From January’s Man to February flop. It hasn’t been the best month for Tony Mowbray, Rovers or the supporters.
If sitting on the cusp of the play-off places after four wins had a slightly heady, surreal feel like that moment on the Big One when you look around the panoramic vista before your head-wrangling descent, four defeats on the bounce has left everyone a bit winded and woozy and very much back on terra firma.
Sunday’s defeat to Middlesbrough was as much of a one-nil hammering as it’s possible to be handed. You can if you are looking for positives summon up an improved second half and certainly claim that Boro’s profligacy came close to costing them dear but even after Graham and Dack, the two who you’d want our only couple of genuine opportunities in 90 minutes to fall to, fluffed their lines the visitors were still carving us open at will creating four or five goal chances to every one of ours both after half-time and over the entire piece.
Those who described Tony Pulis’s team (any Tony Pulis team!) as dour and limited in advance, hence one of the poorest Teesiders following for years, had to admit that they did a pretty stylish number on us and with a better finisher than Ashley Fletcher – ie just about anyone – they could have racked up a tennis set score and not been flattered.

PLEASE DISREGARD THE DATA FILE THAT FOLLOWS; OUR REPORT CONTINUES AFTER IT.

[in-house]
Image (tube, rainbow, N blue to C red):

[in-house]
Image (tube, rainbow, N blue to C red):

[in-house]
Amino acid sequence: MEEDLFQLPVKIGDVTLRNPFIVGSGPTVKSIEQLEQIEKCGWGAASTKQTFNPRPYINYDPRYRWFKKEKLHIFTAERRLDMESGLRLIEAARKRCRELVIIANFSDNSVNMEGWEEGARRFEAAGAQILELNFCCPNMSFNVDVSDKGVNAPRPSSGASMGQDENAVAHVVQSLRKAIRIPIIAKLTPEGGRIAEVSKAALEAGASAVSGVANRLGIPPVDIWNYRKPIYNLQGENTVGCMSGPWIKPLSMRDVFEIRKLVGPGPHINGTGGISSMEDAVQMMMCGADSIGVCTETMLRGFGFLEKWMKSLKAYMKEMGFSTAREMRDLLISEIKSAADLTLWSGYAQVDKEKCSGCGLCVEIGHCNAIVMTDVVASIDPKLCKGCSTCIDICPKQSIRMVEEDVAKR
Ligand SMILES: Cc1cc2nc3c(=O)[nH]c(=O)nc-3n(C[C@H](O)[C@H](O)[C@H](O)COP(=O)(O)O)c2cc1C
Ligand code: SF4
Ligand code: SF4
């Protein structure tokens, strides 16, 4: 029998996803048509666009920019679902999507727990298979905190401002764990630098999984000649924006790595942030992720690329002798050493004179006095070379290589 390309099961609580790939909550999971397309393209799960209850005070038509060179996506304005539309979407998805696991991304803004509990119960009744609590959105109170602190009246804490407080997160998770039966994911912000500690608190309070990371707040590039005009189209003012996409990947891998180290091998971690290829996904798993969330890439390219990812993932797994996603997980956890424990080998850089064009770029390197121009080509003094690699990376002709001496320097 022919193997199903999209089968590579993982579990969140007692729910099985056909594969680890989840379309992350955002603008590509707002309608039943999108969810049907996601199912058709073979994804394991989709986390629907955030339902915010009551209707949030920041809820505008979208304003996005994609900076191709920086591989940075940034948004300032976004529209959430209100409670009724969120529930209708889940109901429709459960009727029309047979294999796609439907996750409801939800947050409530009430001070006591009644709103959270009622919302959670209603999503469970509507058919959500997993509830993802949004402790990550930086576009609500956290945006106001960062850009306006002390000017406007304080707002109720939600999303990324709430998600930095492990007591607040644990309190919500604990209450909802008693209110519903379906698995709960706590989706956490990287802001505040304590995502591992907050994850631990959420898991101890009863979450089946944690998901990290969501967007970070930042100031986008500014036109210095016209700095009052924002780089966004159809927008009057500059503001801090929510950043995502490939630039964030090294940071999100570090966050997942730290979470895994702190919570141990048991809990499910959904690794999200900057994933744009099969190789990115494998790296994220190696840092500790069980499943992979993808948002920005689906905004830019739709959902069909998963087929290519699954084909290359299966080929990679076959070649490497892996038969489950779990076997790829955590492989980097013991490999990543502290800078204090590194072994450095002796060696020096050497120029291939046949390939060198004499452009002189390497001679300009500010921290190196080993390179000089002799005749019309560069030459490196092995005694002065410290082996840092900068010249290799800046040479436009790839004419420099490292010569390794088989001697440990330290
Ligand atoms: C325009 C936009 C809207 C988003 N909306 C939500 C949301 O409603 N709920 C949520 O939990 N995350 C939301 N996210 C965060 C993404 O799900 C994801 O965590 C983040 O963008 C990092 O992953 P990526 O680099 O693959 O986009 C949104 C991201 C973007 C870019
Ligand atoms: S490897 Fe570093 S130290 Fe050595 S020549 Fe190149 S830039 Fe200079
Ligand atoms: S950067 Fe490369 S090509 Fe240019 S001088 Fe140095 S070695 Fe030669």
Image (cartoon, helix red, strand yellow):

It capped an awful week in which Rovers, and I told you they were finding new ways to lose, managed to present Reading with the points at the Madejski at the end of an infuriating game they at least ought never have lost.
I wrote earlier in the season that there would be times we’d lose two, three or four on the bounce and not to panic. I’m not sure I extended that projection to five or six but we have two away games now and need to summon up the kind of spirit which saw us go to places like Stoke and West Brom and claim points.
The four consecutive defeats have inevitably brought a few ghouls out of the shadows. One forum ran a “back or sack” (their words, not mine ) Mowbray poll which led with the imbecilic question “Does the manager deserve his job?” (I’m not making this up – Does.The.Manager.Deserve.His.Job? – it actually says that) and just to further hammer home the utter idiocy of the question in the first place, didn’t allow respondents to answer simply “yes” or “no, ” surely definitive enough for most intellects, but further sub-divided the choices of response to the auto-suggestive and in my view, insulting, following:
A) No, he hasn’t for a long time
B) Just. Only Just.
C) Reassess in the summer
D) Of course he’s doing a great job
The mind boggles.
I’m not getting heavily into the minutiae of the results other than to say an unbelievable 59 per cent answered A, B or C, my only point is that in my opinion creating the poll in the first place was a fundamentally fetid, provocative and grudgeful act.